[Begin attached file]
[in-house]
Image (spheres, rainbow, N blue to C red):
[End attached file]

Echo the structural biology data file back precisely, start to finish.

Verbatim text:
[in-house]
Image (spheres, rainbow, N blue to C red):